It made my friends at Exxon cry. Not just because of the loss or bad press, but because they loved the pristine coast of Alaska and the wildlife too. No kidding. It was horrible for all of us. Every international family was shocked and saddened by what happened.
All oil drilling, transportation, and refining is risky, but Exxon is the cleanest in developing countries.
I have seen their operations first hand, and being the wife of a senior executive, I can attest to it. No cover ups, or anything like that. I would have known. The wives know everything.
Being a biologist and a lifelong Sierra Club member, I would never lie about this.
Exxon has been seriously researching alternative fuels for at least 15 years.
I blame the Valdez accident on the alcoholic who was navigating that ship.
You can see how much damage one alcoholic did.
He hurt the environment, and destroyed the image of an otherwise very good corporation.
We both hate alcohol and drunk drivers.
We sold all our Exxon stock to move back here (my hometown).
Putting a face on people makes the blanket condemnation of those who make up corporations harder. Thank you and your husband for your contribution to our prosperity.
The vast majority of people working for corporations are good people. "WOFEE" (above) is a concerned citizen.
That said, it's a fact that corporate lobbyists - whose behavior is driven by senior-devised corporate strategists - have spent BILLIONS to make sure our nation continues to be dependent on fossil-derived fuels.
The only reason we see alternate guel use researched by companies like Exxon is because they want to be in a position to own the technology as we run out of oil (some decades hence), so that the inefficient (and expensive) transport culture that we have now will continue.
Ethanol is a perfect example of how big money can force inefficient and expensive fuel choices, while wreaking havoc with cultures and individual lives.
WOFEE and her husband are probably very good people, but that doesn't excuse the rapacious bahvior of certain organizations (including the gutless and gutted mainstream media); nor does it excuse out lax and largely visionless poiltical leaders on this issue; nor does it excuse the responsibility that most citizens (I, among them) have let slip as they watch the environment ruined for their convenience. We live lives of large convenience (that's not a bad thing), blinded to the pain that our convenience can cause to others.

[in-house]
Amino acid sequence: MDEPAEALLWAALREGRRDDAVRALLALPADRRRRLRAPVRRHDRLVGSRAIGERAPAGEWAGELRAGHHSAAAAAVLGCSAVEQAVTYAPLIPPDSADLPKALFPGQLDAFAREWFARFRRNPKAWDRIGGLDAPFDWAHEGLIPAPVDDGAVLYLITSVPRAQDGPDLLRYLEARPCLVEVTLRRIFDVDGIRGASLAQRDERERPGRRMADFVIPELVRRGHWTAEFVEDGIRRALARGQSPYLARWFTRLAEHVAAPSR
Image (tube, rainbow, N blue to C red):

A much more important question, Mike, is: What is the cost to the poor people of the world of denying them access to fuels and technologies that could improve their lives?
So-called 'soft energy' approaches advocated by Lovins and yourself are dangerous, becasue they are also so cool and PC. They lull the populations of the highly developed countries into thinking that so-called 'hard energy' approaches are no longer necessay. Even though the soft approach does have legs (and a future), it should not condemn billions of people to poverty.
Ironically, the real answer, as we indeed do transition to soft energy, is to build nucler power plants. Clean, abundant and nearly limitless electrical supplies will benefit the planet in huge ways. Indeed, it will pave the way for the softer energies, becasue it will prevent massive revolutions and wars and destruction. Talk to Stewart Brand about it.
Mike, have you done your homework on the nuclear fuel cycle, yet? If so, perhaps you can explain why 'spent' nuclear fuels rods are such a valuable resource. You might also be able to understand why there is such a strong interest in investing in new nukes in this country and others.
Greg: "So-called 'soft energy' approaches advocated by Lovins and yourself are dangerous, becasue they are also so cool and PC. They lull the populations of the highly developed countries into thinking that so-called 'hard energy' approaches are no longer necessay. Even though the soft approach does have legs (and a future), it should not condemn billions of people to poverty."
The problem with nuclear proponents is that they preach and project from their own ideas about what material class culture means.
The further problem is that these ideas come from their own experience.
Frankly, I don't want to see developing nations enage the same kinds or levels of consumerist waste that we have, because THAT will cause suffering and environmental degradation that far exceeds what more "appropriate" solutions can be coinjured by OTHER cultures.
What's ironic about this is that you and yours are far more in line what central command economies are doing with power, to satisfy the higher up, oligochicial greed of dicatators - as they prance their way to wealth on the backs fo their own people, with disasterous consequences for our planet.